Somali deforestation

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1 minute ago, Dhagax-Tuur said:

Dadkii baa gaajo u dhimanaya,  umalayn maa environment iyo forestry is anywhere near priority.  Ba$tards in charge are busy looting

Dhagaxtuur, that is my point. Gaajadu iyo deforestation waa isku xiran yihin. They are not separate.

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Soomaalida waa noole iska socdo bilaa indha iyo damiir la'. That video and those ragtag trucks really bothered me. Maalin walbana abaar ayaa loo dhimanaayaa oo roob ma imaan la soo taaganyihiin. Jaahilnimo iyo waxgarad la'aan tan ka daran ummad ma soo marin. Markuu roob yar yimaadana wabiyadii ayaa soo fatahaaday leeyihiin maadaama geedihii ku tiirsanaa ee gooyeen, so no defence from the flooding.

Qoraxdaas waaka faa'ideysan karnaa oo cuntada lagu karsan karo. Laakiin dhuxushaan xataa dalkii maloo wado oo waala dhoofinaayaa.


From The Guardian newspaper on last week:

Inside Somalia’s vicious cycle of deforestation for charcoal



In Mogadishu, the charcoal trade is thriving on the city’s streets, prompted by the sharp rise in gas prices over the past two years. As more Somalis turn to charcoal as an affordable energy option, experts say the growing demand is fuelling unsustainable levels of production and accelerating climate change amid the country’s worst drought in four decades.

Environmentalists say the situation is acute in the Lower Shabelle region’s Wanlaweyn district, the centre of the charcoal trade, about 55 miles (90km) north-west of the capital.

The levels of deforestation have gotten so severe that most of the trees along the banks of the Shabelle River have been cleared out,” says Abdilatif Hussein Omar, the executive director of Action for Environment, a conservation organisation that operates in the Horn of Africa.

In the south of the country, the lives of many pastoralists and farmers have been disrupted by extreme weather, so they have been looking for other ways to earn money.

Hussein says the environmental damage has caused a vicious cycle. “It rains less because people are cutting down more trees to meet the demand for charcoal, which means crops are not able to grow, which affects farmers and livestock who depend on the land for survival,” he says.

Mowlid Jama used be a farmer but turned to logging after he lost his crops in the 2017 drought. Jama says that on an average day, he spots about 10 to 15 other loggers cutting trees in Lower Shabelle’s forests. For a two- to three-month stretch, they cut down trees for wood until a lorry arrives to transport it to the outskirts of Mogadishu, where business people burn it into charcoal for sale.

One logger, Hassan Omar, says it can take a full day to cut one tree. “They are around a century old,” he says. He says he now has to travel 50-60km away from Wanlaweyn, where he started logging, because all the tall trees there have been felled. “We keep reaching town after town and going deeper into the woods,” he says.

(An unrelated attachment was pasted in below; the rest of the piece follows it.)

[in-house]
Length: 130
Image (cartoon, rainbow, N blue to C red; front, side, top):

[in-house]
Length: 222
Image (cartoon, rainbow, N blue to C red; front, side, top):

Lower Shabelle is a volatile region, one of many parts of the country that is largely out of the control of the Somali government, and there are no structured, government-driven efforts to restrict logging.

The jihadist group al-Shabaab, which exercises control in some regions, has been trying to grow its influence in recent years by playing a quasi-governmental role on issues such as environmental protection. In 2018, it imposed a ban on single-use plastic bags and is enforcing crackdowns on the cutting down of leafy trees. The Islamist group brutally enforces its policies.

“Some of the loggers have received threatening calls from al-Shabaab, while others have been physically harmed,” says Guled Warsame, a logger. Despite the dangers and environmental harm, Warsame says he needs the work. “Al-Shabaab has ordered us to stop cutting dry trees but we can’t. It’s our only way to make money.”

However, he says, drivers who transport wood face much greater threats than loggers from rogue bandits and local militias. Not only do they work under dangerous conditions but they need to remain aware of the evolving rules of the trade.

Dahir Abdalla, a lorry driver, says he was recently detained by al-Shabaab for a few days when transporting dry wood, but was eventually released. He believes that the group may be in the process of initiating a crackdown on logging and transportation of wood from dry trees, but says that, for now, the only clear ban is on the cutting and transporting of wood from leafy trees.

“We only pick up dry tree wood in our lorry and never leafy wood because al-Shabaab doesn’t allow that. If they catch us transporting trees that still have leaves, they will set our vehicle on fire,” he says.